• Strain 2B- 1.014 woody funk, cedar!, subtle acetic nose. Sweet upfront, medium body, light tartness, fruity with a bit of spice on the back.
  • Strain 3B1.013 body odor, sweaty aromas but not overpowering. Candy like tartness, a bit sweet on the back.
  • Strain 4B1.014 earthy, dirt, wood-y nose. Earthy, woodsy, some malt balance not in others.

All four seem to run the gamut of Brett flavors/aromas, some really unique stuff from the early tasting especially with strains 1B and 3B. But I would think that they will vary by the time I do a final bottle conditioned tasting next week. Below are the final numbers for myself, Marshall, and Brian, you can look forward to tasting notes and more info from them on their blogs. You can see how much each strain dropped over that last 4 weeks or so from the samples I pulled above.

Where some of the Saison strains we tested last were hit or miss I think all of these Brett strains are a hit in one way or another. Now I cant be certain until we taste all four in their final state, but the early tasting notes have me optimistic. As of this posting they have been in bottles for ~3 weeks so I will get to tasting shortly, we are all really excited about these strains. I will leave you with a slide show of fermentation and pellicles, really only 2B had a cool pellicle but its very wild looking (probably because it was the only one with an orange carboy cap).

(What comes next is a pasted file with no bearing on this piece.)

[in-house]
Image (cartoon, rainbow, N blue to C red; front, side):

TYB Beta 100% Brett Pale Ale

Brew day: 5/25/2014
Packaged: 9/1/2014

Recipe Specifications
Boil Size: 15.20 gal
Post Boil Volume: 12.50 gal
Batch Size (fermenter): 12.00 gal 
Bottling Volume: 11.60 gal
Estimated OG: 1.055 SG
Measured OG: 1.055 SG
Measured FG: 1.006/1.011/1.012/1.013
Estimated Color: 6.3 SRM
Estimated IBU: 23.5 IBUs
Brewhouse Efficiency: 70.00 %
Boil Time: 60 Minutes

70% - 16 lbs 7 oz - Pale Malt 
20% - 4 lbs 11 oz - Munich 10L
10% - 2 lbs 6 oz - Oats

Boil: 60min - 0.81 oz Magnum [14.20 %] - 20.0 IBUs
Boil: 15min - 2x Whirlfloc + 2tsp Yeast Nutrient
Boil: 10min - 1.00 oz Cascade [5.50 %] - 3.5 IBUs
Boil:  0min - 1.50 oz Cascade [5.50 %] - 0.0 IBUs

The Yeast Bay Beta Brettanomyces - #1B, #2B, #3B, #4B

Sacch rest - 60 min @ 151.1 F 

Fly Sparge 10.55 gallons of 170f

Misc: 15 seconds of pure O2 per carboy. Filtered Philadelphia Tap water, Baxter Plant, no salt additions.


  1. I've always been an all RO and build up kind of guy. Why not do that for an experiment like this to take out another factor?

    With that said, I love what you're doing and thanks for documenting it!

    1. Thats a good suggestion, we never spoke about how we all would be handling water but with beers being brewed by 3 different brewers with different water profiles it shouldnt matter much. There is a typo in this post though, I did use form Lactic Acid to adjust the mash PH.

    2. Using lactic to adjust might well throw off your results if the other brewers didn't. Lactic acid is a precursor compound that brett can turn into a fruity ester. Which might be another experiment (lactic vs other acid to adjust mash pH, for example). But agreed- interesting stuff, and I hope to see some additional brett strains available easily. With their newfound popularity, I wouldn't doubt many more making an appearance.
      - Dennis, Life Fermented Blog

  2. nice write up. i just got a vial of his amalgamation brett blend for a brett ipa. btw, i really need to come to another phbc meeting, i suck.

  3. It's funny how many people expect Brett to be sour or funky. My club did a group brew wheat beer for an Oktoberfest event and I took 5 gallons and fermented it with Brett-C. I pretty much spent the whole time explaining that it shouldn't be sour and it's not going to get funky. I think they were surprised by the fact that it was so boring, pretty similar to a Hefeweizen strain (less phenolic) but more citrusy.